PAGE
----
Saturday, February 02, 2013

Curious Reversals

Even though the budget crisis has not been solved, and it appears that the national debt may be poised to grow to 200% of GDP in a few years, the elected officials in Washington DC have decided that it is far more important right now to deal with the problem of undocumented immigration from Mexico. Perhaps they feel they have time to deal with this, because working on actually fixing the budget was only postponed by a few months.

The mainstream punditry are discussing how the Republican Party appears to be trying to reach out to Latino voters by being willing to make deals on amnesty and other immigration related topics. Of course the analysis discusses how Republicans have a difficult time reaching out to minorities. Several months prior, when George Zimmerman shot Trayvon Martin, Latinos or Hispanics were not considered to be minorities but were considered to be white.

But the more curious aspect of immigration reform is how the Democratic Party, generally perceived as the racially sensitive party and contrasted with the Republican Party, is the party more favored by the Latino vote. Yet under President Barack Obama, deportations of illegal immigrants have proceeded at a far higher pace than under President George Bush.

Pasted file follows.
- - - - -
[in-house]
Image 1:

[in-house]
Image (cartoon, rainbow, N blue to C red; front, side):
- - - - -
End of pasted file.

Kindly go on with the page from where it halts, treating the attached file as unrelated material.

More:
Likewise, the Democratic Party is the party with a reputation for being generally opposed to aggressive warfare, which seems to make Democratic Party politicians more eager to prove themselves through militancy, and because of their reputation they do not have to worry about attracting blame for the wars they wage.

The Republican Party has a severely undeserved reputation for limited government. That is why there is far less of a reaction when Republican Party politicians create agencies such as the TSA or the DHS, pass legislation such as the USAPATRIOT Act, No Child Left Behind, or Prescription Drug Coverage for Seniors, or enact abuses such as Telecom Immunity.

The Republican Party also has a reputation for being fiscal hawks. While both parties are profligate spenders, at least the Democrats try to enact some minor token tax increases to address their proposed spending. The so-called fiscal hawks are regular advocates of deficit spending, which is why although the Democrats are very likely to maintain any rate of spending started by Republicans, it is the Republicans who accelerate spending.

On issue after issue, it comes up over and over again that what one party has a reputation for advocating, the other party is the actual advocate. It is bad enough that there is no genuine choice between the two wings of the one party, but the choice is made even more obscure by each party representing the opposite of what it stands for on the few issues that divide them.

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